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Chapter 009 A general store-gas station-post office

At camp, we got our water from Great Pond. Every spring we’d screw in the top left fuse in the kitchen fuse box, run a hose into the lake and suspend it off the bottom with a rope slung from an overhanging pine tree to minimize sediment, and prime the old electric pump under the porch with a bucket of water. Then we’d flip the overhead switch next to the pump, hold our breath and wait to see if suction had been achieved. If primed correctly, it sucked water from the lake for the kitchen and bathroom sinks and the toilet. We had the water tested, and the results indicated it was very clean but slightly above recommended bacterial limits for drinking water. We used it to wash dishes, make coffee and tea, boil lobsters, make pasta, and every other kitchen use of water except for… well, except for just drinking a glass of water. My brother, Jerry, did drink it that way and with no apparent ill effects. But the rest of us drank well water, and the place we got that was the spigot outside of Anderson’s 3-in-1 general store, Texaco gas station, and United States Post Office.

It was just three miles up the road a piece from camp, and where we’d also get our mail. If not for the Texaco gas pumps and American flag flying high in front, it would’ve looked like just another rural two story home, which it was prior to becoming a place of commerce. But back in the early days of camp, although we did the bulk of our shopping in the nearby town of Waterville, Anderson’s was the place where we bought our milk, bacon, boat gas, outboard motor oil, hunting and fishing licenses, and that North Country delight: rat cheese. Rat cheese was, and still is, a local New England made, hard, extra sharp white cheddar cheese that comes in 20 lb wheels and is often displayed on store counters under glass, like pastry. You could get a pound or two chunk of this ambrosia lopped off at your request, and we frequently did just that.

The store was run by Charlie and Dot Anderson, a middle-aged couple we became friends with over the years, although the first decade or so of our relationship was a bit formal. Charlie was also a licensed electrician and did all our camp’s electrical work. I guess that made their place a 4-in-1. Or maybe it was a 5-in-1, since they lived upstairs in the same building.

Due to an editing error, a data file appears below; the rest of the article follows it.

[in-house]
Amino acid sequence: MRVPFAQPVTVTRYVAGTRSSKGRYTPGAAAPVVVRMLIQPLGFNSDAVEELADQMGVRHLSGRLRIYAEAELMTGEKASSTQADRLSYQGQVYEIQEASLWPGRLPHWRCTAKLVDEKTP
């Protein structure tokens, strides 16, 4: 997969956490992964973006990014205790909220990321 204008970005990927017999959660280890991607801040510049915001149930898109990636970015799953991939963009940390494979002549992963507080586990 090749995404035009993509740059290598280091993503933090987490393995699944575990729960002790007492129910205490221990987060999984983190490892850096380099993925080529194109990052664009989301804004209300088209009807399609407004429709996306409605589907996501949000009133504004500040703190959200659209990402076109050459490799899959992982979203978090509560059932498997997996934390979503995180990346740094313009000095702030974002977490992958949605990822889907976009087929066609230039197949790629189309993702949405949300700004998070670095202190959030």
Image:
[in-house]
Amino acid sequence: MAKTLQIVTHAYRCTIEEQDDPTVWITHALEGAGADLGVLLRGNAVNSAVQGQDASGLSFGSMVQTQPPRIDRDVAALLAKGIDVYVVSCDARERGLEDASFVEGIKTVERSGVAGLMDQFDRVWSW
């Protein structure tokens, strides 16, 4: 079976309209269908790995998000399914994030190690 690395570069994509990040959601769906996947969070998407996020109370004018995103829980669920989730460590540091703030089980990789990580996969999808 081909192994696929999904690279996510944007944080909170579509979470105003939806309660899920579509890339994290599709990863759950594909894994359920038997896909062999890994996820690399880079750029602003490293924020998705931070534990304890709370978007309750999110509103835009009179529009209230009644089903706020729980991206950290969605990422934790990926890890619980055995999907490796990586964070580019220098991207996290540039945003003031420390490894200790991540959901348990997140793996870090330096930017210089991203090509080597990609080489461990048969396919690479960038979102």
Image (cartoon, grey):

Charlie was a pretty good fisherman, and one of the few people whose fishing know-how my dad respected. Consequently a shopping trip to Anderson’s often turned into a conversation between Charlie and Dad. “Havin’ any luck?” Dad would ask Charlie. “A bit,” Charlie would respond in typical succinct Maine fashion. “What’re they biting on?” Dad persisted. “Frogs and crawfish,” Charlie revealed. “That so?” said Dad. “A-yuh,” confirmed Charlie. “When?” Dad queried. “Mornin’,” offered Charlie. “Uh-huh,” agreed Dad, since Charlie’s information had just confirmed what he already knew, but he enjoyed the discussion anyway. And so it went with those two master fishermen. They relied on knowledge and technique over flashy gear, and each almost always caught his limit.

They sold all sorts of stuff in that store. One day, when I was 18, I saw an item that caught my eye. It was a Winchester Model 1894 30-30 (thuttythutty) carbine – the gun of my dreams as a kid who grew up watching westerns on TV and in the movies. “How much?” I asked. “Fifty dollahs,” responded Charlie. “OK,” I replied, gave him the $50, and he gave me the gun – end of transaction. This was Maine, where people are neighborly and trust each other, and the murder rate in the state is very low – practically zero for people who don’t know each other. Or as my Cousin Matt says, “If there were no dating or marriage in Maine, there’d be almost no murders at all.”


Because of cost cutting initiatives from the USPS, post office closures were imminent, and the offices selected for closure were the ones that sold the least amount of postage. So in those days before email, my dad and my Uncle Charlie, both lawyers, bought all of their stamps at the North Belgrade Post Office. Despite Dad and Uncle Charlie’s considerable efforts, the nearby Oakland, Belgrade Lakes, and Belgrade Post Offices sold more postage than ours, and the North Belgrade Post Office was closed. For several years our mail delivery was shuttled between Belgrade and Oakland, eventually settling on Belgrade, where it remains to this day. Anderson’s store and gas station carried on for awhile, but ultimately passed into oblivion along with the passing of Charlie and Dot themselves. End of another era – sigh…